Quote
Let's just turn it around, where is the rationale for ++/-- then?

The canonical C example codes make much of concise pointer operations with ++ or (less often) --, assumption that nil equates to zero hence false, and so on. But Sven's gone to some trouble to educate me as to how, as the language has been gradually tightened up, those operators have been recognised as problematic.

MarkMLl
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Bogen85

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Re: Immutable data types
« Reply #85 on: October 07, 2022, 04:35:15 am »
Quote
Let's just turn it around, where is the rationale for ++/-- then?

The canonical C example codes make much of concise pointer operations with ++ or (less often) --, assumption that nil equates to zero hence false, and so on. But Sven's gone to some trouble to educate me as to how, as the language has been gradually tightened up, those operators have been recognised as problematic.

MarkMLl

Yeah... so people can write:
Code: C  [Select][+][-]
  1. while(*a++ = *b++); // and that is obvious to others what that means???
Back before optimizing compilers.... maybe it was needed to produce optimal code...

Certainly not needed with any decent modern C compiler... (in the past 2-3 decades, maybe longer)

440bx

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Re: Immutable data types
« Reply #86 on: October 07, 2022, 05:13:40 am »
Yeah... so people can write:
Code: C  [Select][+][-]
  1. while(*a++ = *b++); // and that is obvious to others what that means???
Back before optimizing compilers.... maybe it was needed to produce optimal code...

Certainly not needed with any decent modern C compiler... (in the past 2-3 decades, maybe longer)
only *b equal zero will make that loop end, if it isn't zero at the start of the while it will go on until *b overflows (which for a qword, is for practical purposes, close to an infinite loop.)

On a different note, there are plenty of modern C compilers out there but, I've never seen one that comes remotely close to being decent.
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Bogen85

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Re: Immutable data types
« Reply #87 on: October 07, 2022, 05:50:46 am »
Yeah... so people can write:
Code: C  [Select][+][-]
  1. while(*a++ = *b++); // and that is obvious to others what that means???
Back before optimizing compilers.... maybe it was needed to produce optimal code...

Certainly not needed with any decent modern C compiler... (in the past 2-3 decades, maybe longer)
only *b equal zero will make that loop end, if it isn't zero at the start of the while it will go on until *b overflows (which for a qword, is for practical purposes, close to an infinite loop.)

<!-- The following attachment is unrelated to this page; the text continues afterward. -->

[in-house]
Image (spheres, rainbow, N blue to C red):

But it is better to use the builtin, optimized, and tested strcpy, strncpy, and so forth.

Especially strncpy for the reasons you stated above...

But the above example is just as unsafe as strcpy for copying what is supposed to be a null-terminated string using char pointers...
And even strncpy is not safe... (if the source is not null-terminated...)

And for large copies, just keep your data in struct variables, and pass those around, as the compiler and builtin functions produce better block copy code than trying to roll your own...

Point being that unless doing embedded systems or drivers most of the lower level features of C are not really needed.

But discussing C to this detail is likely a bit offtopic for this forum... (and the subject...)  :) 8-)

« Last Edit: October 07, 2022, 05:55:10 am by Bogen85 »

y.ivanov

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Re: Immutable data types
« Reply #88 on: October 07, 2022, 09:16:09 am »
One thing I would add though is that apparently ++ and -- in C predate the PDP series.

The B language wikipedia page seems to say something like that. One could argue that K&R might have had advance knowledge, etc etc, but lets not go there.

Let's just turn it around, where is the rationale for ++/-- then?
(My apologies for being off-topic)

AFAIK in the early days, when C was still in a development, it turned out that ++x compiled more tightly than x=x+1 and perhaps that was just enough to embrace it. At that time the C syntax wasn't so well established (shorthand assignments were =+, =- instead of +=, -=, typeless variables, etc.). Later, some C statements could be represented by a just a single instruction - e.g. on the PDP-11/VAX/M68K.

For example:
Code: C  [Select][+][-]
  1.   *--ptr; // maps to @-(Rn) addressing mode
  2.   *ptr++; // maps to @(Rn)+ addressing mode
  3.   *a++=*b++; // one instruction: move @(A1)+,@(A2)+
  4.   *--a=*--b; // one instruction: move @-(A1),@-(A2)
  5.   // etc.

Shorter writing is not to be neglected:
Code: C  [Select][+][-]
  1.   while( *a++ = *b++ ) ;
  2.     // IS
  3.   while( *b != NULL )
  4.   {
  5.     *a = *b;
  6.     a = a + 1;
  7.     b = b + 1;
  8.   }
Isn't any of these enough for rationale? Especially in the early seventies.

For somebody it may sound curious, but the first line can be more readable for a C developer than the expanded loop - he will recognize it instantly as he is used to it.
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MarkMLl

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Re: Immutable data types
« Reply #89 on: October 07, 2022, 09:18:32 am »
But it is better to use the builtin, optimized, and tested strcpy, strncpy, and so forth.

Which had to be written in the first place. We're talking about an early language, contemporaneous with Pascal (which was by no means perfect), designed and implemented by people less steeped in the art than Wirth/Hoare and intended as a standalone replacement for assembler.

However my attitude has long been summed up by one of the Modula-2 compilers' taglines:

"I come to bury C, sir, not to praise him."

MarkMLl